Horsham farm outlines new plans after bird flu wipes out thousands of chickens

A Horsham poultry farm which was producing around two million eggs a week for customers across the south has been hard hit by bird flu.
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Family-run farm Kinswood Eggs based in Brooks Green ended up having to cull 391,000 chickens and destroy 1.5 million eggs when bird flu struck in 2022.

Now farm owner Mark Beckett is seeking planning permission from Horsham District Council to diversify the business and change the use of a number of former chicken sheds and a packing building into storage and light industrial units.

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Agents for the farm – planning and development company White & Sons – in a statement to the council, said the farm was originally producing 104,000,000 eggs a year to customers along the south coast, London, Hampshire and Kent.

Thousands of chickens had to be culled at a Horsham farm following an outbreak of bird fluThousands of chickens had to be culled at a Horsham farm following an outbreak of bird flu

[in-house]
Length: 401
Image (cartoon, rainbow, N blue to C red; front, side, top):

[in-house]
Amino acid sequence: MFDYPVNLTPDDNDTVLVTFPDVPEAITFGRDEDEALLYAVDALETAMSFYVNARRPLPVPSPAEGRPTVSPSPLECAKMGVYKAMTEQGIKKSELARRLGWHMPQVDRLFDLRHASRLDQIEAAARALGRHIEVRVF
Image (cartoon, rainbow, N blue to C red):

Thousands of chickens had to be culled at a Horsham farm following an outbreak of bird flu

But it had to stop production when bird flu struck. “This meant that the business had to cease operations,” said the agents, adding: “The legislative requirements did not allow the producer to restock for 12 months following the outbreak and there is no guarantee that the flock would not become infected again.

"The applicant is restocking but this will be with a third of the number of birds previously kept, going from some 321,000 laying hens to 112,500 to limit the risk and recognising that many of the previous customers have been lost and made new arrangements elsewhere.”

This, they said, meant that a number of the farm buildings were no longer needed for poultry production but could be re-used as storage and light industrial units with minimum changes.

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"The applicant has a genuine reason to seek alternative business uses given that they have been unable to continue egg production for at least a year. Whilst

the egg production is being reinstated, it will not be to the numbers previously applied due to the risk of reinfection. The applicant now requires a more balanced business which is not reliant on income from primarily the eggs alone.”

They added: “The change of use would create a more secure revenue stream to help sustain the wider farm business, repaying debts accrued over the period of closure and the costs associated with re-stocking the remaining units.”